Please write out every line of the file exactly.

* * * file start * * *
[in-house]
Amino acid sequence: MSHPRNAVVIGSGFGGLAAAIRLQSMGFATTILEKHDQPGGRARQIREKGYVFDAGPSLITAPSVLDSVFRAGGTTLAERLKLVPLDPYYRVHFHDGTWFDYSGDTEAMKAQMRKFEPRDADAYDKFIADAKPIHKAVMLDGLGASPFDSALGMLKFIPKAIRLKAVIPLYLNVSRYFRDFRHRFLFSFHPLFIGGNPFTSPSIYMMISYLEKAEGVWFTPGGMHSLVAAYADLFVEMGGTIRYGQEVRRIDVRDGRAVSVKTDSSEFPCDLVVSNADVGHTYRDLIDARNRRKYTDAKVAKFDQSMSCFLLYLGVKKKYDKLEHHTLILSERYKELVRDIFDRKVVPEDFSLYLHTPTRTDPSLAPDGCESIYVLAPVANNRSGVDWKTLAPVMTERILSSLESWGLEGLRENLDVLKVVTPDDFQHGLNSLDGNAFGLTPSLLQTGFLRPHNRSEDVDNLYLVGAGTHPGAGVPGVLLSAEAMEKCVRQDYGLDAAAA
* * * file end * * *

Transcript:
[in-house]
Amino acid sequence: MSHPRNAVVIGSGFGGLAAAIRLQSMGFATTILEKHDQPGGRARQIREKGYVFDAGPSLITAPSVLDSVFRAGGTTLAERLKLVPLDPYYRVHFHDGTWFDYSGDTEAMKAQMRKFEPRDADAYDKFIADAKPIHKAVMLDGLGASPFDSALGMLKFIPKAIRLKAVIPLYLNVSRYFRDFRHRFLFSFHPLFIGGNPFTSPSIYMMISYLEKAEGVWFTPGGMHSLVAAYADLFVEMGGTIRYGQEVRRIDVRDGRAVSVKTDSSEFPCDLVVSNADVGHTYRDLIDARNRRKYTDAKVAKFDQSMSCFLLYLGVKKKYDKLEHHTLILSERYKELVRDIFDRKVVPEDFSLYLHTPTRTDPSLAPDGCESIYVLAPVANNRSGVDWKTLAPVMTERILSSLESWGLEGLRENLDVLKVVTPDDFQHGLNSLDGNAFGLTPSLLQTGFLRPHNRSEDVDNLYLVGAGTHPGAGVPGVLLSAEAMEKCVRQDYGLDAAAA